Democratizing AI: It’s Time to Get on Board
by Adrian Bowles, PhD
The hype surrounding AI is everywhere, and it is still easier to put AI on the label than it is to put AI in a product or service, so buyers are right to be cautious.
The truth, however, is that some AI technologies are already becoming pervasive, and waiting for technologies to democratize AI and put it in everyone’s hands is ill-advised. As author William Gibson observed, “The future is already here—it’s just not very evenly distributed.”
Still, some see a ten-year horizon for AI everywhere. Here’s why we think that’s way too conservative.
Using AI: Machine Learning Is AI and AI Is More Than Machine Learning
AI is a broad discipline that includes technologies to perform tasks that we generally associate with human cognition: learning, understanding, and reasoning, and the ability to support biological I/O systems like perception (hearing, vision, touch, smell, taste). Today, the AI tail, machine learning, is wagging the PR dog. It is a false but useful equivalence.
Some benefits of AI are already available to anyone with a typical smartphone. Many people use AI every day, from speech recognition, to translation, to navigation apps that factor in weather and historical traffic patterns to enterprise apps that help an account manager decide which brochure to send to a prospect. So, almost everyone can use AI today without even realizing it.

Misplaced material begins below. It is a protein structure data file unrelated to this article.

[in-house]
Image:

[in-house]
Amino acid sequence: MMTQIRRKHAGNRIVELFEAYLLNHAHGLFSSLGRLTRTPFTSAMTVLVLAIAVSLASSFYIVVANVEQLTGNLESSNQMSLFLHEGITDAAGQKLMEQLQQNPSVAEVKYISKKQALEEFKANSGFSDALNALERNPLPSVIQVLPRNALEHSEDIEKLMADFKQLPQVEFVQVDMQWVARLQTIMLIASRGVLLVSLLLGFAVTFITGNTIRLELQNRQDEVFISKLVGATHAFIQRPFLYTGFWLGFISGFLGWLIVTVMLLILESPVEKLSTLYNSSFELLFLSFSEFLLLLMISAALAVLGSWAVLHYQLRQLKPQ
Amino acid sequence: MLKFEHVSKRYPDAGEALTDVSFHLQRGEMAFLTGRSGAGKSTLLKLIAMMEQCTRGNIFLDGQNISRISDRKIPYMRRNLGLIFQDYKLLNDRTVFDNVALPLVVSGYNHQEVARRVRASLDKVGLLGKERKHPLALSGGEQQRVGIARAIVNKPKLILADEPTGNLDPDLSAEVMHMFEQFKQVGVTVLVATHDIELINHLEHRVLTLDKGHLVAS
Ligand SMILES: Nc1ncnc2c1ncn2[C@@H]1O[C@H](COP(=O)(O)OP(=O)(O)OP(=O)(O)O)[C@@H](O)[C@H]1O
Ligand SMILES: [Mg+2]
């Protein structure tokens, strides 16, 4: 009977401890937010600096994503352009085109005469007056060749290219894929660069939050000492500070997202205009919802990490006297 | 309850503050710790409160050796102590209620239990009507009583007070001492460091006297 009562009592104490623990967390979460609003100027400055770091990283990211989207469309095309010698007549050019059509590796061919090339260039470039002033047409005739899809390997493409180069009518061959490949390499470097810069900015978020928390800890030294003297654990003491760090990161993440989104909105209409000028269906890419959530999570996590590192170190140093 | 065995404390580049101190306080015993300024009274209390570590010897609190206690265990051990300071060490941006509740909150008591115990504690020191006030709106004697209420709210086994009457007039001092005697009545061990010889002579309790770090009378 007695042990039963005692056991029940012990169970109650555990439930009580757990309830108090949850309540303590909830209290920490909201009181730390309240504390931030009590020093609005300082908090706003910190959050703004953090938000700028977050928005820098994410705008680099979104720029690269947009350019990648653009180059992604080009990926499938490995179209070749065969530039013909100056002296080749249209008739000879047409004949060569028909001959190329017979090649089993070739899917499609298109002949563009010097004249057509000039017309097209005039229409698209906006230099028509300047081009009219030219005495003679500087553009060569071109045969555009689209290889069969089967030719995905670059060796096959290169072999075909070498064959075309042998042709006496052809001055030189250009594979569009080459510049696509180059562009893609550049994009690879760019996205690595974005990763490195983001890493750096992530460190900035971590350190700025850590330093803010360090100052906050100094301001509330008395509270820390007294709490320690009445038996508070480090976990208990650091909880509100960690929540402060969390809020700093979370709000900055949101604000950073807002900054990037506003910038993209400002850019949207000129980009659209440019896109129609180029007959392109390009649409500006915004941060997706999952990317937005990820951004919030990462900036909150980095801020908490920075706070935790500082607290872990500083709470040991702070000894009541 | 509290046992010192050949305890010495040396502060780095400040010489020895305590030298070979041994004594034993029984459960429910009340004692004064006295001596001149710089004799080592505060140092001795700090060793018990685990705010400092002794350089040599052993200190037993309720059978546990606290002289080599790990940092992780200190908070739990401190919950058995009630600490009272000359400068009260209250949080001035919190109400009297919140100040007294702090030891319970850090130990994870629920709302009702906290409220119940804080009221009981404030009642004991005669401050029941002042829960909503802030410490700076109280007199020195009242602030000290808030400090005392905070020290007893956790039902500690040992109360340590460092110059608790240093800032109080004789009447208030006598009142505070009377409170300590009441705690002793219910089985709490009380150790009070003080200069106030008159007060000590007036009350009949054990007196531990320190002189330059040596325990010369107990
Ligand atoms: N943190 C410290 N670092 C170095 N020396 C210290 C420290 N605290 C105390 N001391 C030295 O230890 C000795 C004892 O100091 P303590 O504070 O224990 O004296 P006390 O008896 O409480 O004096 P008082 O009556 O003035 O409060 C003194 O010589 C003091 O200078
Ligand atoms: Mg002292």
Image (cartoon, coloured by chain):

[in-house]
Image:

Do I Need to Understand AI to Make Decisions with It?
I’ve been asked whether everyone will be able to create new, personalized solutions using AI in ten years. That’s a little more complicated. We have already seen great advances in tools to help people develop machine learning solutions without a detailed knowledge of machine learning itself. In the utopian view of democratized AI, these user/developers are often referred to as citizen data scientists. If you have enough good data, these tools will guide you through the analysis and help you gather insights from that data.
The technology behind tools like Watson Explorer from IBM or the recently announced AutoML from Google is sound. It won’t take ten years to have tools like this in the hands of everyone who wants to make evidence-based decisions using machine learning. Any knowledge worker who needs deeper insights from existing data should become proficient with these tools in three to five years. By then, this functionality will be integrated into even the most basic productivity tools.
So, What Will Take Ten Years?
The big shift in the next ten years will be toward true distributed intelligence, where the learning and reasoning tasks are performed throughout the global network on devices ranging from smartphones, to refrigerators, to automobiles, to military command centers.
AI-powered applications in the hands of everyone (everyone on the grid, that is)? It’s available now. The ability to create AI-powered solutions that are available to everyone with a modicum of technical or business acumen? Three to five years. Individuals at the center of their own ecosystem, with AI-powered devices monitoring their behavior and emotions, and responding with context-appropriate data and services? That’s a five-to-ten-year journey that has already begun.